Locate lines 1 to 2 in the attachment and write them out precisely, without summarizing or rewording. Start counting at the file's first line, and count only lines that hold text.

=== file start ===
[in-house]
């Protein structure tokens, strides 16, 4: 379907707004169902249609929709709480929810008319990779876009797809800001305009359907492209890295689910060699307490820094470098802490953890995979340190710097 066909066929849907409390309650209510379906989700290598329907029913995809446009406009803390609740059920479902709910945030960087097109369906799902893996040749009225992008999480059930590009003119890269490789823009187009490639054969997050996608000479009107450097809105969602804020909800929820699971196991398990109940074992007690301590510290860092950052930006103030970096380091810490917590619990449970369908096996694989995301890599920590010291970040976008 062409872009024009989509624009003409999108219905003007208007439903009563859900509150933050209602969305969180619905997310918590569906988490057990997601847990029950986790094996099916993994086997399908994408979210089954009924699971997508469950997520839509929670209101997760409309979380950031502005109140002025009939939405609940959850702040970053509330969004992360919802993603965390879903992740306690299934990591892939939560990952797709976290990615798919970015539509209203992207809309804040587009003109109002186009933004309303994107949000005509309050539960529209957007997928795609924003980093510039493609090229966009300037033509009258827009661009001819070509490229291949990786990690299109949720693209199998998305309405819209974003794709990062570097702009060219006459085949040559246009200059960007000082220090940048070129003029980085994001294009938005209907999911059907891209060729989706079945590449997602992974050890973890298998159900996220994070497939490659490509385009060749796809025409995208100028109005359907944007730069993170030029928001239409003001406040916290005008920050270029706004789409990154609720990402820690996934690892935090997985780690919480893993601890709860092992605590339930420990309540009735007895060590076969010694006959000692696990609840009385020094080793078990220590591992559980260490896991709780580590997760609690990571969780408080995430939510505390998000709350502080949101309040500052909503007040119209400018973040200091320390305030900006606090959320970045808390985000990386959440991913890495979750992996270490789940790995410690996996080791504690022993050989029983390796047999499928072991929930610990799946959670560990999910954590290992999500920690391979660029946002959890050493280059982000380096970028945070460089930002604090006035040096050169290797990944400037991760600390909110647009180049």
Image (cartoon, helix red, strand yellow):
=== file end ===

[in-house]
């Protein structure tokens, strides 16, 4: 379907707004169902249609929709709480929810008319990779876009797809800001305009359907492209890295689910060699307490820094470098802490953890995979340190710097 066909066929849907409390309650209510379906989700290598329907029913995809446009406009803390609740059920479902709910945030960087097109369906799902893996040749009225992008999480059930590009003119890269490789823009187009490639054969997050996608000479009107450097809105969602804020909800929820699971196991398990109940074992007690301590510290860092950052930006103030970096380091810490917590619990449970369908096996694989995301890599920590010291970040976008 062409872009024009989509624009003409999108219905003007208007439903009563859900509150933050209602969305969180619905997310918590569906988490057990997601847990029950986790094996099916993994086997399908994408979210089954009924699971997508469950997520839509929670209101997760409309979380950031502005109140002025009939939405609940959850702040970053509330969004992360919802993603965390879903992740306690299934990591892939939560990952797709976290990615798919970015539509209203992207809309804040587009003109109002186009933004309303994107949000005509309050539960529209957007997928795609924003980093510039493609090229966009300037033509009258827009661009001819070509490229291949990786990690299109949720693209199998998305309405819209974003794709990062570097702009060219006459085949040559246009200059960007000082220090940048070129003029980085994001294009938005209907999911059907891209060729989706079945590449997602992974050890973890298998159900996220994070497939490659490509385009060749796809025409995208100028109005359907944007730069993170030029928001239409003001406040916290005008920050270029706004789409990154609720990402820690996934690892935090997985780690919480893993601890709860092992605590339930420990309540009735007895060590076969010694006959000692696990609840009385020094080793078990220590591992559980260490896991709780580590997760609690990571969780408080995430939510505390998000709350502080949101309040500052909503007040119209400018973040200091320390305030900006606090959320970045808390985000990386959440991913890495979750992996270490789940790995410690996996080791504690022993050989029983390796047999499928072991929930610990799946959670560990999910954590290992999500920690391979660029946002959890050493280059982000380096970028945070460089930002604090006035040096050169290797990944400037991760600390909110647009180049």